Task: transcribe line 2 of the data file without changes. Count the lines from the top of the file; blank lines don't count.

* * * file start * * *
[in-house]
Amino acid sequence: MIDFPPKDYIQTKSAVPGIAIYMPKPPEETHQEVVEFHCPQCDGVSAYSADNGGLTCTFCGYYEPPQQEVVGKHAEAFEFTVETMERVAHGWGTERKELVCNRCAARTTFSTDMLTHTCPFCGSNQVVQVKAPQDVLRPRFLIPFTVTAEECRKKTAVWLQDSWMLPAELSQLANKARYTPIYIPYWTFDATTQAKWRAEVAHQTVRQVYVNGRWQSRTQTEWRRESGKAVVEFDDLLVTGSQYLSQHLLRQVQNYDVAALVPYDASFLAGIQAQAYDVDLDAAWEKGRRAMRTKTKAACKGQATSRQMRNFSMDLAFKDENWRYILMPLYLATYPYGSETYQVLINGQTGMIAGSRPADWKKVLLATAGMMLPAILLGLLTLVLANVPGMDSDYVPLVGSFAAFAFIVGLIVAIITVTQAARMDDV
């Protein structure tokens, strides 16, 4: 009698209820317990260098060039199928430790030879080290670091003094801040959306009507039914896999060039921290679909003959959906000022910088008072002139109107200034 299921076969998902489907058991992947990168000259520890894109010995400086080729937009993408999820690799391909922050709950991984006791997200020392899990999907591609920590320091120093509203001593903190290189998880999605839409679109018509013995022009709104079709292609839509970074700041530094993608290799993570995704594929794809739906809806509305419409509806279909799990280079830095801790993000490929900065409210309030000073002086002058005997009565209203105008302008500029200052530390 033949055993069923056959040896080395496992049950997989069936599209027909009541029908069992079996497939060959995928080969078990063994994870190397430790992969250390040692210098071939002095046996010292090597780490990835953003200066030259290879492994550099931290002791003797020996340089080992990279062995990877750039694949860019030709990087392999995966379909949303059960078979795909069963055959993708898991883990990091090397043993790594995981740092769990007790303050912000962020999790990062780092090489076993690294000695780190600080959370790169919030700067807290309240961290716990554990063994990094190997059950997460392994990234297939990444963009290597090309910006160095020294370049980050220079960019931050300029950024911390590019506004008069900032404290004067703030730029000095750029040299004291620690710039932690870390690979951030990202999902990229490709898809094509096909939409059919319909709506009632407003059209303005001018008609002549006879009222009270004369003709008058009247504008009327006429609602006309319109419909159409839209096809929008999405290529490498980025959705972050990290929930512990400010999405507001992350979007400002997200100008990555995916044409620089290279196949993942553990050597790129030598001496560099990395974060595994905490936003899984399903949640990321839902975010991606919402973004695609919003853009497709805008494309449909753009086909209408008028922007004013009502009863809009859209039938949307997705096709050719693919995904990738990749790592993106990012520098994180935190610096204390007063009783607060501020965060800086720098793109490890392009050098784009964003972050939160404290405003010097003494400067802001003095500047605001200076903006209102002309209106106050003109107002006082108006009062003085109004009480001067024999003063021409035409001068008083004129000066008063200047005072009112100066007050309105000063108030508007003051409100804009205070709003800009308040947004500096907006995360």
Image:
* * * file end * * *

Amino acid sequence: MIDFPPKDYIQTKSAVPGIAIYMPKPPEETHQEVVEFHCPQCDGVSAYSADNGGLTCTFCGYYEPPQQEVVGKHAEAFEFTVETMERVAHGWGTERKELVCNRCAARTTFSTDMLTHTCPFCGSNQVVQVKAPQDVLRPRFLIPFTVTAEECRKKTAVWLQDSWMLPAELSQLANKARYTPIYIPYWTFDATTQAKWRAEVAHQTVRQVYVNGRWQSRTQTEWRRESGKAVVEFDDLLVTGSQYLSQHLLRQVQNYDVAALVPYDASFLAGIQAQAYDVDLDAAWEKGRRAMRTKTKAACKGQATSRQMRNFSMDLAFKDENWRYILMPLYLATYPYGSETYQVLINGQTGMIAGSRPADWKKVLLATAGMMLPAILLGLLTLVLANVPGMDSDYVPLVGSFAAFAFIVGLIVAIITVTQAARMDDV